The meaning of ‘Lord’ in the Bible


A leading expert in the New Testament, Professor James Dunn, comments on the use of ‘lord’ in Aramaic and Greek at the time of Jesus:

‘We need not doubt that the Aramaic mari underlies the Greek kyrie (vocative)…Mar was used of the first century BC holy man Abba Hilkiah, presumably in recognition of the charismatic powers attributed to him.

Moreover, ‘lord’ was largely synonymous with ‘teacher’ at the time of Jesus, and Jesus was certainly recognised to have the authority of a rabbi or teacher (Mark 9:5 etc). We can therefore say that the confession of Jesus as Lord was rooted within the ministry of Jesus to the extent that he was widely acknowledged to exercise the authority of a (charismatic) teacher and healer (cf. Mark 1:22,27).

Whether ‘Lord’ already had a higher significance for Jesus himself during his ministry depends on how we evaluate Mark 12:35-37:

‘While Jesus was teaching in the temple courts, he asked, ‘Why do the teachers of the law

say that the Messiah is the son of David? David himself, speaking by the Holy Spirit, declared:

‘ “The Lord said to my Lord:

‘Sit at my right hand

Until I put your enemies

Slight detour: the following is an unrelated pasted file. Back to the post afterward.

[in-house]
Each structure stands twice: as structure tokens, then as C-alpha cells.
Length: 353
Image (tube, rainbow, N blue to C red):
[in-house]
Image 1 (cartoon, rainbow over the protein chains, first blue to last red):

Under your feet.”‘

David himself calls him “Lord”. How then can he be his son?’

Even if it contains an authentic word of the historical Jesus (as is quite possible) it need only mean that he understood Messiah to be a figure superior to David in significance and specially favoured by Yahweh. It does not necessarily imply that he thought the Messiah was a divine figure (Psalm 110 after all probably referred to the king).

From: Unity and Diversity in the New Testament: An Inquiry into the Character of Earliest Christianity pp. 53-54.


So Dunn recognises that the title ‘lord’ originally denoted a human being. As the term began to be used in pagan contexts as the Gentile mission spread, where it was well established as a title for the cult deity in the mystery religions (especially Isis and Serapis), and also in Emperor worship – “Caesar is Lord” – it becomes clear that a radical alteration of the meaning of the term occurred. Above all, St Paul advanced this change in meaning quite deliberately. He uses Old Testament texts that speak of Yahweh and applies them to Jesus (e.g. Paul’s Letter to the Romans 10:13). For Paul, it appears that ‘Lord Jesus’ had become a title of divinity.

In a profound sense, Paul founded the religion of Christianity we know today.

Categories: Bible, Biblical scholarship

2 replies

  1. Galatians 3:20 – A mediator, however, implies more than one party; but God is one.

    Paul always believed in one God. In many of his letters he refers to the “God and Father of our Lord Jesus Christ”.
    I think Paul saw Jesus as many other people saw him, a more superior figure than any other prophet since he was the messiah. And even if they thought he was divine, they would still be aware that any power or authority of Jesus was given to him by God (read 1 Corinthians 15:24-28).

    Liked by 1 person

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